I came across this piece because I joined a student choir here in Germany. The repertoire for this semester includes not only broadway musical excerpts from Rent and Les Miserables, but also works of contemporary composers like Morten Lauridsen, John Rutter and Eric Whitacre. Among them, so much has already been said about Rent and Les Miserables, but perhaps, for me the most brilliant piece of music in the repertoire was Sleep by Eric Whitacre. Here’s the video:

I don’t really know how to start this reaction to the song, but I guess, let me write down the lyrics so you can follow through as you listen to the music


Music by Eric Whitacre
Lyrics by Charles Anthony Silvestri
(Originally based on Robert Frost’s “Stopping by Woods on a Snowy Evening”)

The evening hangs beneath the moon, a silver thread on darkened dune.
With closing eyes and resting head; I know that sleep is coming soon.

Upon my pillow, safe in bed, a thousand pictures fill my head, I cannot sleep , my mids aflight; and yet my limbs seems made of lead.

If there are noises in the night, a frightening shadow, Flickerering light;

Then I surrender unto sleep, where clouds of dream give second sight.
What dreams may come, both dark and deep, Of flying wings and soaring leap?

As I surrender unto sleep (dark and deep)
As I surrender unto sleep (dark and deep)
As I surrender unto sleep



So reading through the lyrics, I don’t really find it very extra-ordinary. He had some good imagery. And as a chemist, I don’t get the use of lead. (Kill me now! LOL)

But as I listened to the piece, it came to me more and more as an expression of the state of falling asleep. In philosophy, I would have called what Eric Whitacre’s work achieved, a phenomenology.

In the first part, he describes the surroundings as well as what one does when he/she tries to fall asleep. But more than describe it in words, the consistent rhythm makes us feel that this is the part when we try calm down, “that sleep is coming soon”. But he mixes it with clashes and dissonance that it somehow keeps us from falling and relaxing to the rhythm that mostly comes when the harmony placed in a major chord.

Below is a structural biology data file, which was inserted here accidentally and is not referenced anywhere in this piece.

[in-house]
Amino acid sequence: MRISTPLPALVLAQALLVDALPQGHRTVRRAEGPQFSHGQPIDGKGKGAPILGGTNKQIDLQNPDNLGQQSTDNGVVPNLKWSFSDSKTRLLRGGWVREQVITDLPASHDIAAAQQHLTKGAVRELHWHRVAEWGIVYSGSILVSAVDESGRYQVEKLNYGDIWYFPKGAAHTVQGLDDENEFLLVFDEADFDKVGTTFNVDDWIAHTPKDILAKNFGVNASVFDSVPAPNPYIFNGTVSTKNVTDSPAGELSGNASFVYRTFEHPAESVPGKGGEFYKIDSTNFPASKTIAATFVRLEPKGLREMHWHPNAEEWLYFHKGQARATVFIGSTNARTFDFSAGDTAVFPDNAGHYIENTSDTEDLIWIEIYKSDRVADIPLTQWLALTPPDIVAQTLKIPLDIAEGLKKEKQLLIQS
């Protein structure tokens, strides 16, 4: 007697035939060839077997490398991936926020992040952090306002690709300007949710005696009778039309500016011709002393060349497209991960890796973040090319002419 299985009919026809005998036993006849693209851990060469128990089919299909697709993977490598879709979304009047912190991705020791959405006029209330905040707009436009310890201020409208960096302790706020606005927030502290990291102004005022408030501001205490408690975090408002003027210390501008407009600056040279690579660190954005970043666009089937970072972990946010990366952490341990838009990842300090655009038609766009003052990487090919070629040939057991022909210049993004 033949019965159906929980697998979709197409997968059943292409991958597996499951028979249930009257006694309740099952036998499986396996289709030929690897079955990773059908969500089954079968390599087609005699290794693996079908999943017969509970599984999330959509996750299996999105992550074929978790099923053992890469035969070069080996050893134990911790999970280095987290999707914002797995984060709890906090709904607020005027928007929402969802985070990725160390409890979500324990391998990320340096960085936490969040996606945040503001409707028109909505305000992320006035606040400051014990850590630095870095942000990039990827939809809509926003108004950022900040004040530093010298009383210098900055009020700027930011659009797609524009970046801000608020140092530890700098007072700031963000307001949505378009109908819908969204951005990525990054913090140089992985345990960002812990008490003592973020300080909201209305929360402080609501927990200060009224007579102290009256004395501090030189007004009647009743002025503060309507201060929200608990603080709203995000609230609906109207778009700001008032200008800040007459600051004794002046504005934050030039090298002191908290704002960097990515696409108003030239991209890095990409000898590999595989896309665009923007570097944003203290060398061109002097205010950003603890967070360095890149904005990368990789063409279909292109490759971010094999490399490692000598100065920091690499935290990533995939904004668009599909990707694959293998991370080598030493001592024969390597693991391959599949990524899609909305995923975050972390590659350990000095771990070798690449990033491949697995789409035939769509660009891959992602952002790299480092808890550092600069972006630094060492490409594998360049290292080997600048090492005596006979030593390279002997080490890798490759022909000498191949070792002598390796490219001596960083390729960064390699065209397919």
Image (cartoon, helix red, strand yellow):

“Upon my pillow” wakes us up again with the mezzo forte, as if you are starting to gain some relaxation and then something just bumps you up awake and it doesn’t stop there. He continuous on with more dissonance and minor chords that you feel more restless and want to continue on. It pushes the music forward, but at the same time, the lyrics tells us that “our limbs are made of lead” and has to resolve somewhere but not yet there.

And then comes the most disturbing part: the noises in the night that calls us back to reality and prompts us to be alert. A warning that perhaps something is not right. The falling and echoing of the lines from one part to another, the use of crescendo and decrescendo and the lingering note sang by the basses, feels like there’s an ambulance coming and going. In a way, it gives us this feeling to be vigilant, to not be drawn so easily by sleep.

Then the surrendering part starts and all the dissonant chords starts to resolve to major ones. This lifts the mood and allows us to start to relax. Just when we start to really drift to sleep “in clouds of dream”. This prepares us for the build up that comes in the next passages that starts with “What dreams may come”. It shows us that we’re in for an amazing ride, “of flying wings and soaring leap.”

And then, the music opens up, repeating on an important passage of surrendering to sleep. It gives a sense of just going with the flow. The forte doesn’t hit us too harshly because of the nice build up from the previous part. The music feels like waves as it hit us back and forth between the male and female parts, telling us to just surrender to sleep until the climactic “unto sleep”. Here the music allows us to finally feel at ease with surrendering and dies off immediately to a calm wave of notes.

Some people liken the piece to the process of dying where you are so uncertain and scared with closing your eyes and falling asleep. That is until, you realize that you just have to surrender to sleep and embrace the reality.

The ending, though, tells us there’s more to surrendering to sleep than being calm and peaceful. Although the music goes softer and softer like dying waves, the dissonance comes back, telling us that just like in real sleeping, we are never too far away from reality. It will always come ebbing back to us. I imagine it to be the steady rhythmic breathing of someone fully asleep. It gives us a hint that this state of being asleep is not being lifeless because there is still some uncertainty and clashes in the melody, there is still movement. Quite brilliant if you ask me!

I did not like the music when I heard it the first time, but when you sing it several times, and really think about it, it grows on you. Truly, Eric Whitacre is a gifted musician, who has not only showed proficient musical ability, but genuine creativity and artistry.